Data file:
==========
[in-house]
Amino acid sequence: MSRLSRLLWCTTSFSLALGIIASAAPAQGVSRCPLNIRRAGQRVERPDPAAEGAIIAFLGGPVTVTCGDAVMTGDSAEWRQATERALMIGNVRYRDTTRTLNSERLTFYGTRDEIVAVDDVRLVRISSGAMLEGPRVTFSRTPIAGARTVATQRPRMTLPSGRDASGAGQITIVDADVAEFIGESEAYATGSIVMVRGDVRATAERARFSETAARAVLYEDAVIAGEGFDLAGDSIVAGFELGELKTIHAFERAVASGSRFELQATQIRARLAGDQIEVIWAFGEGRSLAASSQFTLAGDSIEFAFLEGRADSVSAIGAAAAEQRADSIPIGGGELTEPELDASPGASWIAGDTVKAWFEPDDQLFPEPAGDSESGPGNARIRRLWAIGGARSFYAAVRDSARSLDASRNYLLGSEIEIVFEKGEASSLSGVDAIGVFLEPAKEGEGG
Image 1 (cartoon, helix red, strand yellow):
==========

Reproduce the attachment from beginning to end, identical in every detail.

[in-house]
Amino acid sequence: MSRLSRLLWCTTSFSLALGIIASAAPAQGVSRCPLNIRRAGQRVERPDPAAEGAIIAFLGGPVTVTCGDAVMTGDSAEWRQATERALMIGNVRYRDTTRTLNSERLTFYGTRDEIVAVDDVRLVRISSGAMLEGPRVTFSRTPIAGARTVATQRPRMTLPSGRDASGAGQITIVDADVAEFIGESEAYATGSIVMVRGDVRATAERARFSETAARAVLYEDAVIAGEGFDLAGDSIVAGFELGELKTIHAFERAVASGSRFELQATQIRARLAGDQIEVIWAFGEGRSLAASSQFTLAGDSIEFAFLEGRADSVSAIGAAAAEQRADSIPIGGGELTEPELDASPGASWIAGDTVKAWFEPDDQLFPEPAGDSESGPGNARIRRLWAIGGARSFYAAVRDSARSLDASRNYLLGSEIEIVFEKGEASSLSGVDAIGVFLEPAKEGEGG
Image 1 (cartoon, helix red, strand yellow):